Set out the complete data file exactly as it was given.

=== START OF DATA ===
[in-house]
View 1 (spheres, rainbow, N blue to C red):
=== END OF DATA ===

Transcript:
[in-house]
View 1 (spheres, rainbow, N blue to C red):